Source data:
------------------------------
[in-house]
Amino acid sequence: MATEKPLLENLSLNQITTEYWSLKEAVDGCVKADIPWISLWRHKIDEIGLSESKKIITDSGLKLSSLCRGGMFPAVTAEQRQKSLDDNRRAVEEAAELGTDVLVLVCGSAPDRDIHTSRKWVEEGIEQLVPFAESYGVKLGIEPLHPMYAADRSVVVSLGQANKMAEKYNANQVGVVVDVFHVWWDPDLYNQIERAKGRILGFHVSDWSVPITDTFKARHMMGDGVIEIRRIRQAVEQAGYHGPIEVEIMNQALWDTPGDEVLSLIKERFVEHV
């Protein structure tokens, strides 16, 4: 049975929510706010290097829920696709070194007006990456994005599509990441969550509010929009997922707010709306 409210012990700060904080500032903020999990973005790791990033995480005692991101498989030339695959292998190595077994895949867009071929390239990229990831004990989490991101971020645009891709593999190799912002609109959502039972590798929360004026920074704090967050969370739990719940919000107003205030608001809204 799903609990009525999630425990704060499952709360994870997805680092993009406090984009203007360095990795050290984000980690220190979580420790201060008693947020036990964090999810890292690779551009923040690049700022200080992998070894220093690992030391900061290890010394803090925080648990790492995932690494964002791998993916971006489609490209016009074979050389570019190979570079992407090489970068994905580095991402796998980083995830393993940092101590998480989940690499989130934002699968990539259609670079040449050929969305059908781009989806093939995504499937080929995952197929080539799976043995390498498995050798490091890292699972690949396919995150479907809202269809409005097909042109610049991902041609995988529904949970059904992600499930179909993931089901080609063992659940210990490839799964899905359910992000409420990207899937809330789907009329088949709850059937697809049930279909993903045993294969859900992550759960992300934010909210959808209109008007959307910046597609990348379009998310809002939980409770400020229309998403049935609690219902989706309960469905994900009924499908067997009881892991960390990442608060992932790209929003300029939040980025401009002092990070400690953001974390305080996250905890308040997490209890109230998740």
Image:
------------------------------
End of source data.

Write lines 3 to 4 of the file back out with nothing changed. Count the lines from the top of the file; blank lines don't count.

């Protein structure tokens, strides 16, 4: 049975929510706010290097829920696709070194007006990456994005599509990441969550509010929009997922707010709306 409210012990700060904080500032903020999990973005790791990033995480005692991101498989030339695959292998190595077994895949867009071929390239990229990831004990989490991101971020645009891709593999190799912002609109959502039972590798929360004026920074704090967050969370739990719940919000107003205030608001809204 799903609990009525999630425990704060499952709360994870997805680092993009406090984009203007360095990795050290984000980690220190979580420790201060008693947020036990964090999810890292690779551009923040690049700022200080992998070894220093690992030391900061290890010394803090925080648990790492995932690494964002791998993916971006489609490209016009074979050389570019190979570079992407090489970068994905580095991402796998980083995830393993940092101590998480989940690499989130934002699968990539259609670079040449050929969305059908781009989806093939995504499937080929995952197929080539799976043995390498498995050798490091890292699972690949396919995150479907809202269809409005097909042109610049991902041609995988529904949970059904992600499930179909993931089901080609063992659940210990490839799964899905359910992000409420990207899937809330789907009329088949709850059937697809049930279909993903045993294969859900992550759960992300934010909210959808209109008007959307910046597609990348379009998310809002939980409770400020229309998403049935609690219902989706309960469905994900009924499908067997009881892991960390990442608060992932790209929003300029939040980025401009002092990070400690953001974390305080996250905890308040997490209890109230998740």
Image: